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Confession. I’m an elder. And I’m a jerk. So this article resonated with me.  It’s by Jonathan Leeman and discusses attitudes of elders during meetings.  Jonathan writes: I trust this is not true of all churches, but I have discovered that elder meetings can have an unexpectedly difficult social dynamic. There you sit at the table with a number of godly men. You are hashing out this or that issue. And somehow the room feels tense, even political! “Why is he contradicting me?” “Is he just posturing?” “Why did he say it like that?” “What a jerk!” Truth be told, you can see my own small-heartedness and sin in such responses. But I am confident I am not alone. Here’s the biggest lesson I’ve learned about the social dynamic of elder meetings: fear of man sometimes keeps us from saying the things we should say, and fear of man sometimes provokes us to say things we shouldn’t. That is, sometimes we fail to say what we should say because we are afraid of saying something different, something wrong. But sometimes we speak more than we should, or harsher than we should, because we are afraid of losing control or losing the argument. We think persuading the brothers depends upon us. So we push too hard. We clutch our ideas too tightly, because we are afraid of losing face. And that is just another form of fear of man. He then gives 9 things to consider when speaking up in an elder meeting.  Good stuff… check it out here…
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Brady Boyd writes, “A man in our church came to me recently with a heavy heart. His daughter was married to a man who had recently been caught in adultery. The couple went to another church here in town and the father contacted their pastor to see if he would confront his son-in-law on this obvious sin. The pastor refused, not seeing it as his duty. What? Not his duty? If we’re really pastors, it’s actually one of our primary responsibilities, especially if we love the people we lead. Not surprisingly, fewer and fewer church leaders are willing to go to people who are living in open sin and confront them. Why? Do we lack the courage? Are we ignoring the biblical mandate as leaders to protect the innocent from the harmful? Many times in my role as pastor and elder, I have had hard meetings with people in the church. I never look forward to them and I certainly get no joy from them, but they are super necessary if the church is to remain healthy. In fact, some of the great spiritual breakthroughs I’ve experienced as a leader have happened after I had dealt scripturally with sin issues. God tends to show up in churches where there is repentance, grace and spiritual health.” via Confronting Sin in the Local Church. Brady continues with the responsibility he feels elders and pastors have in graciously confronting people.  This is good stuff.  You can read it here. How does your church do with confronting sin?  How do YOU do with it?  Is it something you avoid like the plague? Todd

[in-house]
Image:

This question will not go away.  Watch this… good or bad apologetics? Personally, I think that we will never all agree on this issue. A question for those of you who’ve been around longer than me… is the ‘women in ministry’ issue a bigger issue today than it was 20 years ago? And, for everyone out there… will this issue be as big in 10 or 20 years as it is today? Is there any common ground between the two sides other than agreeing to disagree? What’s YOUR take? Todd PS – Be nice.

Yesterday, I posted a video by Bill Kynes about women in ministry.  It got mixed reviews here.  Bill gave the standard complimentarian view.  Now take a look at this point of view that was also posted this week over at  See which resonates more with you and how you view scripture: Which view do YOU take?  Or maybe you fall somewhere in the middle? What do you think?  And WHY?

Kevin DeYoung writes:
It is not uncommon to hear of churches that select their elders and deacons by casting lots. In fact, I’ve been a part of two congregations that voted to change their election process to incorporate lots. Usually this involves a double slate being chosen by some combination of the church leaders and a nominating committee and then a final selection by a “random” draw. In an effort to avoid a popularity contest and the hurt feelings that can result from winners and losers in a double slate, churches are deciding to choose their officers by pulling names out of hat.
Seriously? I admit that I’ve never heard of churches actually casting lots to choose their elders.  Must just be outside of my circles. Of course, there is Biblical reference for the casting of lots.  But is that something churches should incorporate today? via Should Churches Select Elders by Casting Lots? – Kevin DeYoung. [box type=”info”]Have you ever heard of churches casting lots to choose their leaders? Do you think this is a wise idea? Do you think the Biblical precedent says that we actually SHOULD do it this way? And if you think this is a good idea for elders… should it be used to find your next Senior Pastor? Leave a comment, and let me know what you think, please…[/box]